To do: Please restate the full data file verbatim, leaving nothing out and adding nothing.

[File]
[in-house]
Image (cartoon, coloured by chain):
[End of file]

[in-house]
Image (cartoon, coloured by chain):